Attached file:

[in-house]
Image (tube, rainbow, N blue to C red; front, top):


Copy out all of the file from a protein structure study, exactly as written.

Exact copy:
[in-house]
Image (tube, rainbow, N blue to C red; front, top):